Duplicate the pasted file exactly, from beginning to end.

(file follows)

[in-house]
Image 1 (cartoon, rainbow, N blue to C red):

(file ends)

[in-house]
Image 1 (cartoon, rainbow, N blue to C red):